Kathie Bondar
#15
I thought the moon was responsible for the menstruation cycle. What does the Titanic have to do with it?
 
skookumchuck
#16
Quote: Originally Posted by Kathie BondarView Post

I thought the moon was responsible for the menstruation cycle. What does the Titanic have to do with it?

Trade that menstruation cycle in on a Honda, they dodge icebergs way better
 
Dexter Sinister
#17
The Titanic, the moon, and menstruation, are unrelated, in any combination.
 
WLDB
#18
Quote: Originally Posted by Dexter SinisterView Post

No, it was not the moon, nor was it an iceberg, it appears to have been stupidity, the iceberg and the moon were just incidental. Last weekend I saw the display of Titanic artifacts at the Sask. Science Centre, and the story they told was that despite several warnings from other ships in the area that there was an unusually large number of icebergs present, RMS Titanic continued to steam along at 21 knots, almost top speed, in the dark. The helmsman saw the iceberg, turned hard to port to avoid it, and managed to avoid a head on collision, but a spur on the berg ripped open six of the ship's watertight compartments below the waterline on the starboard side. It was designed to survive the failure of four, so down she went.

True. Tons of stupidity. It might have helped had the warnings actually reached the bridge. Unfortunately the radio operators worked for the marconi company and were not part of the crew. They were there for the amusement of the passengers.

A head on collision would have been better.
 
Dexter Sinister
#19
Yep, she probably wouldn't have sunk after a head on collision. Lot of passengers would have been knocked around, but I'm sure the loss of life would have been far less. And there was the problem with not enough lifeboats for the number of people on board, a decision in retrospect of surpassing stupidity. And hubris: the ship was supposedly unsinkable after all...
 
#juan
#20
Quote: Originally Posted by Dexter SinisterView Post

Yep, she probably wouldn't have sunk after a head on collision. Lot of passengers would have been knocked around, but I'm sure the loss of life would have been far less. And there was the problem with not enough lifeboats for the number of people on board, a decision in retrospect of surpassing stupidity. And hubris: the ship was supposedly unsinkable after all...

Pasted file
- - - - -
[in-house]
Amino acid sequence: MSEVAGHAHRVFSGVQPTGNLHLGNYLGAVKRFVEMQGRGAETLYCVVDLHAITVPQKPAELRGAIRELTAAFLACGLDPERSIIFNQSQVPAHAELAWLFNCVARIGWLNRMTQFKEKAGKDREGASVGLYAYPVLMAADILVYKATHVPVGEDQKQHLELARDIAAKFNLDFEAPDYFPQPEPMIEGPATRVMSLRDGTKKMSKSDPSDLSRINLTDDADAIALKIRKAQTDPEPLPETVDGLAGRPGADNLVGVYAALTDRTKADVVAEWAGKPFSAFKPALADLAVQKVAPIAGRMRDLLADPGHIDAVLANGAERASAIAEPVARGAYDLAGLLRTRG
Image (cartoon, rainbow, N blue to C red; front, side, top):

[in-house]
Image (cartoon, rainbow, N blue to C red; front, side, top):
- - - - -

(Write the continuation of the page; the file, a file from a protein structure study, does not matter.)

I wonder if those fifteen hundred people would have sailed on that ship if they had known that the ship was not yet "unsinkable" and that it would never be unsinkable. Canard made a big deal about the ship being "unsinkable when they knew it wasn't. The number of life boats was criminal. There was room to charge everyone from the owners down to the Captain with something, but a hundred years fades most things.
 
WLDB
#21
Quote: Originally Posted by #juanView Post

I wonder if those fifteen hundred people would have sailed on that ship if they had known that the ship was not yet "unsinkable" and that it would never be unsinkable. Canard made a big deal about the ship being "unsinkable when they knew it wasn't. The number of life boats was criminal.

Cunard didnt own or build the ship. They had the Lusitania and Mauretania, also believed to be unsinkable, also sailing without enough lifeboats. Almost no major liner had enough lifeboats for all on board at the time. It wasnt criminal as the law allowed it. The laws didnt keep up with the size of ships. It would have been easier to just say all ships must have enough lifeboats for all on board rather than base it on tonnage. Titanic did actually have more lifeboats than the law required. The death toll also could have been a lot lower had the lifeboats been filled to capacity. Another 450-500 people could have been saved easily.
 
EagleSmack
#22
Not to mention that they filled a bunch of boats with women only. If there were no more women around they lowered the boat leaving men behind watching a partially filled boat cast away.